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Bovine Leukemia Virus

Hirotaka Sato, Sonoko Watanuki, Hironobu Murakami, Reiichiro Sato, Hiroshi Ishizaki, Yoko Aida
Bovine leukemia virus (BLV) causes enzootic bovine leukosis and is closely related to the human T cell leukemia virus. Since BLV infection mostly occurs via cell-to-cell transmission, BLV infectivity is generally measured by culturing BLV-infected cells with reporter cells that form syncytia upon BLV infection. However, this method is time-consuming and requires skill. To visualize the infectivity of BLV, we developed a new assay called the luminescence syncytium induction assay (LuSIA) that is based on a new reporter cell line designated CC81-BLU3G...
February 17, 2018: Archives of Virology
Hugo A Carignano, Dana L Roldan, María J Beribe, María A Raschia, Ariel Amadio, Juan P Nani, Gerónimo Gutierrez, Irene Alvarez, Karina Trono, Mario A Poli, Marcos M Miretti
BACKGROUND: Bovine leukemia virus (BLV) infection is omnipresent in dairy herds causing direct economic losses due to trade restrictions and lymphosarcoma-related deaths. Milk production drops and increase in the culling rate are also relevant and usually neglected. The BLV provirus persists throughout a lifetime and an inter-individual variation is observed in the level of infection (LI) in vivo. High LI is strongly correlated with disease progression and BLV transmission among herd mates...
February 13, 2018: BMC Genomics
Aiganym T Zhumabek, Laura S Abeuova, Nurzhan S Mukhametzhanov, Herman B Scholthof, Yerlan M Ramankulov, Shuga A Manabayeva
Plants offer a unique combination of advantages for the production of valuable recombinant proteins in a relatively short time. For instance, a variety of diagnostic tests have been developed that use recombinant antigens expressed in plants. The envelope glycoprotein gp51 encoded by Bovine leukemia virus (BLV) is one of the essential subunits for viral infectivity. It was indicated that the recombinant gp51 (rgp51) of BLV сan be used as an synthetic alternative antigen useful in the diagnosis of BLV infection in cattle...
February 1, 2018: Journal of Virological Methods
James S Lawson, Brian Salmons, Wendy K Glenn
Background: Although the risk factors for breast cancer are well established, namely female gender, early menarche and late menopause plus the protective influence of early pregnancy, the underlying causes of breast cancer remain unknown. The development of substantial recent evidence indicates that a handful of viruses may have a role in breast cancer. These viruses are mouse mammary tumor virus (MMTV), bovine leukemia virus (BLV), human papilloma viruses (HPVs), and Epstein-Barr virus (EBV-also known as human herpes virus type 4)...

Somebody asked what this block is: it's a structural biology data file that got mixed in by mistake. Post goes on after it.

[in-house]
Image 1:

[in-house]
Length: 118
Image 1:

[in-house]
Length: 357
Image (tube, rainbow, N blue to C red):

2018: Frontiers in Oncology
Shailja Katoch, Shweta Dohru, Mandeep Sharma, Vikram Vashist, Rajesh Chahota, Prasenjit Dhar, Aneesh Thakur, Subhash Verma
Aim: The study was designed to measure the seroprevalence of viral and bacterial diseases: Infectious bovine rhinotracheitis, bovine viral diarrhea, bovine leukemia, bovine parainfluenza, bovine respiratory syncytial disease, brucellosis, and paratuberculosis among bovine of Himachal Pradesh during the year 2013-2015. Materials and Methods: The serum samples were collected from seven districts of state, namely, Bilaspur, Kangra, Kinnaur, Lahul and Spiti, Mandi, Sirmour, and Solan...
December 2017: Veterinary World
Hirohisa Mekata, Mari Yamamoto, Yumi Kirino, Satoshi Sekiguchi, Satoru Konnai, Yoichiro Horii, Junzo Norimine
The European Community's (EC) Key, which is also called Bendixen's Key, is a well-established bovine leukemia virus (BLV) diagnostic method that classifies cattle according to the absolute lymphocyte count and age. The EC Key was originally designed for dairy cattle and is not necessarily suitable for Japanese Black (JB) beef cattle. This study revealed the lymphocyte counts in the BLV-free and -infected JB cattle were significantly lower than those in the Holstein cattle. Therefore, applying the EC Key to JB cattle could result in a large number of undetected BLV-infected cattle...
January 22, 2018: Journal of Veterinary Medical Science
Aneta Pluta, Lorraine M Albritton, Marzena Rola-Łuszczak, Jacek Kuźmak
BACKGROUND: Bovine leukemia virus (BLV) is a deltaretrovirus infecting bovine B cells and causing enzootic bovine leucosis. The SU or surface subunit, gp51, of its envelope glycoprotein is involved in receptor recognition and virion attachment. It contains the major neutralizing and CD4+ and CD8+ T cell epitopes found in naturally infected animals. In this study, we aimed to determine global variation and conservation within gp51 in the context of developing an effective global BLV vaccine...
January 8, 2018: Retrovirology